Gethin Anthony: One of the useful things about someone like Charles Manson is there’s a wealth of material you can delve into. I actually read a couple of books, the biographies. There’s one in his own words that was a good starting point to understand who this person was before, where he was born, where he grew up and what institutions and things like that. There was also an incredible documentary called “Manson,” which was nominated for an Oscar, which is about the people around him. There’s a lot of footage about the people he affected, and that was very useful. The documentary took place in the early ’70s, just after the court cases. So to see those young people and still kind of fresh from their experience, that was something I watched quite closely. I actually just listened to his voice-over over and over again, a recording from an interview he did in 1967. So there was a lot. Yeah. It was just a lot of material. We actually got homework from John.
Emma Dumont: We did, yeah.
Gethin Anthony: We got sent a ready list and a viewing list of films, more about the period, about everything that was going on, the war.
John McNamara: Gethin, I believe you’re still carrying an incomplete from one of the first assignments.
Gethin Anthony: Probably true.
David Duchovny: I think what is great about what Gethin did and what he does is he’s not trying to impersonate Manson. He created a character that happens to be named Charlie Manson that he’s playing, and it’s totally his creation. I didn’t do a lot of work with Gethin in the show because our worlds don’t really collide that much, but when I watched it, I was just amazed and just so impressed by the fact that he’s not enslaved to the ticks and the sound. He’s not trying to be Frank Gorshin doing Charles Manson. He’s doing a character. He’s being an actor. I think that’s part and parcel with everything we’re trying to do. We’re not trying to do a Charles Manson story. We’re doing a historical fiction with characters in it.
Claire, can you talk a little bit about your character? Then can you also talk about leaving “The Vampire Diaries”?
Claire Holt: So in this show, I play a police officer called Charmain Tully. She is independent and driven and dynamic, but she’s living in very much a man’s world. Women really had no rights. They were seen to have no use. I had to carry my gun in my purse, which was insane and abominable to me. So I play a woman who is somewhat shepherded and taken under Hodiak and Shafe’s wings and she’s making progress in the world, in the police force, but it’s still very archaic. It’s such a great role for me to play. I think it’s topical even today with gender equality and women’s right. I think I saw so many parallels to what we are shooting and issues of today, so it’s a really inspiring character for me to play, and I really love her. So that is that question.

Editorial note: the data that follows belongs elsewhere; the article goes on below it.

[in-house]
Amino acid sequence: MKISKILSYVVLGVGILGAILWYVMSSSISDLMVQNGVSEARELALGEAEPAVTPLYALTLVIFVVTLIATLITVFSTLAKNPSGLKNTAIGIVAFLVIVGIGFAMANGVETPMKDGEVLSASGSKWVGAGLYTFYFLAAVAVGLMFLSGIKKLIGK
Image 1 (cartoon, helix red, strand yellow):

And “The Vampire Diaries,” that was my home for a long time and I love it, but I’m really focused on this show now and this is really near and dear to my heart and I’m pleased to be working with these phenomenal actors.
Would you come back for cameos?
Claire Holt: I just like when people will hire me, so I’ll work as much as anyone will have me.
Emma Dumont: We’re all going to have cameos.
John McNamara: Yeah. I actually want to do to “The Vampire Diaries” now.
Grey Damon: There’s going to be an “X‑Files,” “Vampire Diaries” crossover actually.
David Duchovny: Don’t say that word.
Where did Aquarius film?
Emma Dumont: We shot all over L.A. We didn’t shoot at any of the Manson spots.
John McNamara: No.
Grey Damon: We did shoot at some spots that were part of that, all that, right?
John McNamara: Not Manson‑specific.
Grey Damon: Not Manson, but just that.
Emma Dumont: Some places were around in the ’60s. That’s what he’s trying to say.
David Duchovny: Again, in answering that question, it’s like the focus of the show is not to be historically accurate to the place completely. It’s to be historically accurate, yes, but it is historical fiction. So the idea of shooting in actual places, if they’re not friendly to be shot at ‑‑
John McNamara: Yeah. A good example is when you’re doing a TV show, part of what you’re trying to do is do a puzzle so that all of the locations and sets fit into a seven‑day schedule. We make the show in seven days. We found this amazing ‑‑ what do you call it? A ranch? It was like ‑‑
Marty Adelstein: Altadena.
John McNamara: Altadena. The one thing that we noticed was that when Manson was putting together the family at first, he lived in a place called the spiral staircase in Topanga Canyon that’s now gone. Our wonderful production designer, Carlos Barbosa, built an iron staircase just like that one and put it on this ranch.